Nine European banks behind the we.trade blockchain platform for trade finance will be making their product live this month, before bringing it to the wider market “after summer”.
That’s according to members of the we.trade banking consortium speaking at a panel at last week’s Money2020 fintech conference in Amsterdam.
Powered by the Hyperledger Fabric blockchain framework, we.trade is a platform for managing, tracking and protecting open account trade transactions between SMEs. It will connect parties involved in a trade deal in one place, help SMEs initiate new trading relationships as well as provide easy access to trade finance.
The nine founding members are Deutsche Bank, HSBC, KBC, Natixis, Nordea, Rabobank, Santander, Société Générale and UniCredit, while IBM is the IT vendor. In April, the banks took a crucial step toward the commercialisation of we.trade, creating a legal entity to manage and distribute the platform.
Now, two months later, the consortium is edging closer to making we.trade available to their corporate clients, with Roberto Mancone, COO of we.trade, saying the product will be launched as soon as this month.
Joost Volker, lead product manager of trade at Rabobank, also speaking on the panel in Amsterdam, noted: “We are now in a production environment. The system is delivered and we will do the first transactions in June. So it’s not just that we are testing and trying to figure out what to do, this is really about bringing the product live.”
He added that the consortium will then “use the period after summer for a large roll-out” to the larger market, which he hinted was a strategic decision. “If you do it now, it’s summer time, it’s much harder to bring it to the market, so we really want to use the momentum,” he said.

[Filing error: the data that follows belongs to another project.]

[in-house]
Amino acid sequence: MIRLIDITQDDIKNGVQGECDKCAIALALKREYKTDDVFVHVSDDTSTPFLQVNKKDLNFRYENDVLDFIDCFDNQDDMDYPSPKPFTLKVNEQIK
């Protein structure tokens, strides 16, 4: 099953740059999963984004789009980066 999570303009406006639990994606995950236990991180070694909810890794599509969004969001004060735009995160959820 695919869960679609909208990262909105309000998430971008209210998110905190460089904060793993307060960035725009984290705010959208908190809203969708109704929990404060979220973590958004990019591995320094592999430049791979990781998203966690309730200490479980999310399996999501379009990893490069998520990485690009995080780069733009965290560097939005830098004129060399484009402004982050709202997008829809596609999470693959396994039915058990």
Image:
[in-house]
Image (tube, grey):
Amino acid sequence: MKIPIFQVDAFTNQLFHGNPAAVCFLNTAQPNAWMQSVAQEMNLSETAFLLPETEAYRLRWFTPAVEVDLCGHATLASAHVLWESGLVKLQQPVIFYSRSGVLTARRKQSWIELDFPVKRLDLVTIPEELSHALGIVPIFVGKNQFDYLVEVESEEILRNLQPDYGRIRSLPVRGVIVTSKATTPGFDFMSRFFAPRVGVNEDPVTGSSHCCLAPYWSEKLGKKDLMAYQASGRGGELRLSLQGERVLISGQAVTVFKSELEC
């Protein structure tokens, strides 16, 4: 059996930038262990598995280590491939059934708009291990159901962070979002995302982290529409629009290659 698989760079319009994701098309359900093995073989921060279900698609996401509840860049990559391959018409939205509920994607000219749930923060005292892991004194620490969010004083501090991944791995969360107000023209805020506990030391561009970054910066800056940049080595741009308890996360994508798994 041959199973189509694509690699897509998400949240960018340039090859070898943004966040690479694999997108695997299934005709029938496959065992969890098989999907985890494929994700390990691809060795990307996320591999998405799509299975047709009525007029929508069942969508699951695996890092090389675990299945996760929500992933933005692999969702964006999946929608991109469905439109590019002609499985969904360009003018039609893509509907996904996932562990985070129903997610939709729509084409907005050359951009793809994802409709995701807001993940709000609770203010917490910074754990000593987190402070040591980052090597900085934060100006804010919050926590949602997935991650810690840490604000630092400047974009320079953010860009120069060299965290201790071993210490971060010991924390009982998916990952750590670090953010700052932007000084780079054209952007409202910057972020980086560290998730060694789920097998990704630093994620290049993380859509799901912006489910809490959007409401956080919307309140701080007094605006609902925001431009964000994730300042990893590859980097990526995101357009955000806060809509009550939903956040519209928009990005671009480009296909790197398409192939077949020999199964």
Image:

We.trade has been under way for about 18 months. Originally known as Digital Trade Chain, the project was born in January 2017 when a group of banks signed a memorandum of understanding to collaborate on the development. Six months later, the consortium chose Hyperledger Fabric over R3’s Corda as the blockchain framework when it selected IBM as the project’s IT vendor. In October, the project rebranded as we.trade, before forming the joint venture in April.
The project has seen some delays, with the original timeline expecting the platform to have full deployment to the market at the start of Q2. According to Mancone, additional work had to be done to ensure the application was compliant with Hyperledger Fabric 1.1, a version of the framework that was released in March.
However, the panellists at Money2020 emphasised that most of the challenges and work over the course of the project has been less around the technical development, and more on the standardisation of processes and the products itself.
“Our journey in the last 18 months has seen a complete differentiation between the technical challenge, which would be around 20% and the rest, the 80%, is actually to formalise a standardisation between the different organisations,” said Raphael Barisaac, global co-head of trade finance at UniCredit.
Chantal Van Haute, business development and innovation manager for trade finance at KBC, added: “It’s not only about building the IT solution, but it’s also creating the value proposition, preparing to go-to-market, but also building a legal framework. We are very excited to go live now,” she said, optimistic that we.trade will help KBC and the other banks serve more SMEs engaged in cross-border trade.
The next stage of the we.trade project, which will begin after the platform is live, is to expand to additional markets in Europe and beyond by onboarding new banks. The consortium will make we.trade available for others to join on a licence-type basis, which will enable it to expand the platform to as many banks as possible – and as quickly as possible.